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J Infect Dis. 2005 Jan 1;191(1):138-44. Epub 2004 Nov 30.

Corticoids normalize leukocyte production of macrophage migration inhibitory factor in septic shock.

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Unit Cytokines and Inflammation, Institut Pasteur, 75015 Paris, France.



A regulatory loop between macrophage migration inhibitory factor (MIF) and glucocorticoids has been characterized in animal models. Renewed interest in glucocorticoid treatment for septic shock offers an opportunity to analyze this regulatory loop in humans.


We investigated the ex vivo release of MIF by peripheral blood mononuclear cells (PBMCs) sampled from glucocorticoid-treated and -untreated patients with septic shock. Blood was obtained, before glucocorticoid treatment, and within the first day of treatment, from patients with septic shock who required treatment with moderate doses of hydrocortisone and fludrocortisone.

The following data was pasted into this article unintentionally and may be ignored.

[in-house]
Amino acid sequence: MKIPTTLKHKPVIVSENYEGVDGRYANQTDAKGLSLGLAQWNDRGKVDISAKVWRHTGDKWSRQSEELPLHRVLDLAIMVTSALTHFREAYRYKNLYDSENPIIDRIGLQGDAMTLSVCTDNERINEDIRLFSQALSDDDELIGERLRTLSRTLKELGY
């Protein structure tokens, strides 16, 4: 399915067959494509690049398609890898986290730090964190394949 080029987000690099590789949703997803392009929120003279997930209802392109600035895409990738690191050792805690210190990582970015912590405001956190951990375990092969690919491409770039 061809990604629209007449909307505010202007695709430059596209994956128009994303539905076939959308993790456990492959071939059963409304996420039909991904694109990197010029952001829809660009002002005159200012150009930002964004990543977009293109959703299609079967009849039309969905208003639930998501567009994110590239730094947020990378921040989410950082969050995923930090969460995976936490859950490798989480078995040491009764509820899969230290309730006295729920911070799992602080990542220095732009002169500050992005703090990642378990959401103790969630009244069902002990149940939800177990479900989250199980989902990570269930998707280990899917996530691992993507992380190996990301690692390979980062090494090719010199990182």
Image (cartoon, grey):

PBMCs from patients contained significantly higher amounts of MIF than cells from healthy control subjects. In culture, spontaneous release of MIF and release induced by lipopolysaccharide (LPS), heat-killed staphylococci, and red blood cell lysates were significantly higher in patients than in control subjects. PBMCs from patients treated with glucocorticoids showed a lower release of MIF in response to LPS, heat-killed Escherichia coli, and peptidoglycan than did PBMCs from untreated patients and showed levels similar to PBMCs from healthy control subjects.


To our knowledge, MIF is the first proinflammatory cytokine in which ex vivo release by circulating cells is enhanced during sepsis. Glucocorticoid treatment normalized the release of MIF by circulating PBMCs from patients with septic shock.

[Indexed for MEDLINE]

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